Subthreshold depression in adolescence: a systematic review.

Eur Child Adolesc Psychiatry. 2013 Apr 12;
Bertha EA, Balázs J

In adolescence, the number of depressive symptoms is rising notably. Individuals may have relevant depressive symptoms without meeting the full criteria of a major depressive episode (MDE), a condition referred to as subthreshold depression (sD). This article presents a review on adolescent sD examining the prevalence, the quality of life (QoL), the risk of developing MDE, and preventive programs available for adolescents living with sD. A systematic literature search from the year of the introduction of Diagnostic and Statistic Manual for Mental Disorders Fourth Edition (DSM-IV) until 2012 (18 years) was conducted with a special focus on adolescent sD. Data from 27 studies were included into this review. The results show high prevalence of sD among adolescents, with a negative impact on QoL, and provide evidence that sD is a significant risk indicator of later MDE; therefore, individuals with sD represent good targets for preventive interventions. Our review highlights the fact that sD is a significant health problem among adolescents indeed, and adolescents with sD could be a subgroup of youth, who need further help to reduce their clinically significant depressive symptoms for the successful prevention of a later MDE. HubMed – depression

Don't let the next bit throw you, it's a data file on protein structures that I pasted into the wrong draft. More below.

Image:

Analysis of brief screening tools for the detection of postpartum depression: Comparisons of the PRAMS 6-item instrument, PHQ-9, and structured interviews.

Arch Womens Ment Health. 2013 Apr 12;
Davis K, Pearlstein T, Stuart S, O’Hara M, Zlotnick C